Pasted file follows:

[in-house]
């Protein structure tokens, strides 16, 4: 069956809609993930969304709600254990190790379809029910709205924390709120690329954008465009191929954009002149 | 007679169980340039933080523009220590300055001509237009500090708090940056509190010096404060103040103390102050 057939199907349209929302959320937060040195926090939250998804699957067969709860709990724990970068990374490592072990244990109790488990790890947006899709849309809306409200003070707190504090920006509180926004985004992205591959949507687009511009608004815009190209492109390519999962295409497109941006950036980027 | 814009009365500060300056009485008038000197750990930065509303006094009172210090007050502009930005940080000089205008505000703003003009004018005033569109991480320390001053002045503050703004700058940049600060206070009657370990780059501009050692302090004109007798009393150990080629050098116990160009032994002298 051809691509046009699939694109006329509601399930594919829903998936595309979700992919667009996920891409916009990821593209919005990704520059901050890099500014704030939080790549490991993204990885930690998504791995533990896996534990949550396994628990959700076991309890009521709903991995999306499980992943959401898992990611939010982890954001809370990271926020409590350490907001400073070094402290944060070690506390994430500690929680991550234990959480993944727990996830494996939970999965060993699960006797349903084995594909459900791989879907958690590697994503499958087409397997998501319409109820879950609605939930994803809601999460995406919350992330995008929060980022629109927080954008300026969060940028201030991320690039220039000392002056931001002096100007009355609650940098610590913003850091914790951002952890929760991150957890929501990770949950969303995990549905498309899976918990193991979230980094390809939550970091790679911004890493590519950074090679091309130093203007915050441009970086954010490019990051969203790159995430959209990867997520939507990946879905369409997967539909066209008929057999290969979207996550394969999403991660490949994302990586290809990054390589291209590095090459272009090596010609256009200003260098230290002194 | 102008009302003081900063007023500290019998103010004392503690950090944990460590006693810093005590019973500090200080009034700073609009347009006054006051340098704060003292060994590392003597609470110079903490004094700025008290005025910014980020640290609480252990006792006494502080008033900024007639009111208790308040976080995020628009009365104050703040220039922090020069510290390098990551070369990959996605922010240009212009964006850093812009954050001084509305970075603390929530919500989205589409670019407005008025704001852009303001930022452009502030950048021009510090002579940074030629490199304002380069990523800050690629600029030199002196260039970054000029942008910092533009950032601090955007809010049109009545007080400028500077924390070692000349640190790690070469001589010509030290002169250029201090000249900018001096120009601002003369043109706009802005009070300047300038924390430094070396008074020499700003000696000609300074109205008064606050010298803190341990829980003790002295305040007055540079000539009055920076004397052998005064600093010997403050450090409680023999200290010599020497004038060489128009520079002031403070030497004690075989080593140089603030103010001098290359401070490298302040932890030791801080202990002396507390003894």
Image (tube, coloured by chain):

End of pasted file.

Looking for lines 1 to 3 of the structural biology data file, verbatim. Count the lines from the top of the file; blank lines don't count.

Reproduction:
[in-house]
């Protein structure tokens, strides 16, 4: 069956809609993930969304709600254990190790379809029910709205924390709120690329954008465009191929954009002149 | 007679169980340039933080523009220590300055001509237009500090708090940056509190010096404060103040103390102050 057939199907349209929302959320937060040195926090939250998804699957067969709860709990724990970068990374490592072990244990109790488990790890947006899709849309809306409200003070707190504090920006509180926004985004992205591959949507687009511009608004815009190209492109390519999962295409497109941006950036980027 | 814009009365500060300056009485008038000197750990930065509303006094009172210090007050502009930005940080000089205008505000703003003009004018005033569109991480320390001053002045503050703004700058940049600060206070009657370990780059501009050692302090004109007798009393150990080629050098116990160009032994002298 051809691509046009699939694109006329509601399930594919829903998936595309979700992919667009996920891409916009990821593209919005990704520059901050890099500014704030939080790549490991993204990885930690998504791995533990896996534990949550396994628990959700076991309890009521709903991995999306499980992943959401898992990611939010982890954001809370990271926020409590350490907001400073070094402290944060070690506390994430500690929680991550234990959480993944727990996830494996939970999965060993699960006797349903084995594909459900791989879907958690590697994503499958087409397997998501319409109820879950609605939930994803809601999460995406919350992330995008929060980022629109927080954008300026969060940028201030991320690039220039000392002056931001002096100007009355609650940098610590913003850091914790951002952890929760991150957890929501990770949950969303995990549905498309899976918990193991979230980094390809939550970091790679911004890493590519950074090679091309130093203007915050441009970086954010490019990051969203790159995430959209990867997520939507990946879905369409997967539909066209008929057999290969979207996550394969999403991660490949994302990586290809990054390589291209590095090459272009090596010609256009200003260098230290002194 | 102008009302003081900063007023500290019998103010004392503690950090944990460590006693810093005590019973500090200080009034700073609009347009006054006051340098704060003292060994590392003597609470110079903490004094700025008290005025910014980020640290609480252990006792006494502080008033900024007639009111208790308040976080995020628009009365104050703040220039922090020069510290390098990551070369990959996605922010240009212009964006850093812009954050001084509305970075603390929530919500989205589409670019407005008025704001852009303001930022452009502030950048021009510090002579940074030629490199304002380069990523800050690629600029030199002196260039970054000029942008910092533009950032601090955007809010049109009545007080400028500077924390070692000349640190790690070469001589010509030290002169250029201090000249900018001096120009601002003369043109706009802005009070300047300038924390430094070396008074020499700003000696000609300074109205008064606050010298803190341990829980003790002295305040007055540079000539009055920076004397052998005064600093010997403050450090409680023999200290010599020497004038060489128009520079002031403070030497004690075989080593140089603030103010001098290359401070490298302040932890030791801080202990002396507390003894």
Image (tube, coloured by chain):